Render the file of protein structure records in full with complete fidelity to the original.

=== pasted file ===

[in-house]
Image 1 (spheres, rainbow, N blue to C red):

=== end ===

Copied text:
[in-house]
Image 1 (spheres, rainbow, N blue to C red):